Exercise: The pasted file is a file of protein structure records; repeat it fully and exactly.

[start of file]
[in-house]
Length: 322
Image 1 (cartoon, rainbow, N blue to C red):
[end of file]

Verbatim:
[in-house]
Length: 322
Image 1 (cartoon, rainbow, N blue to C red):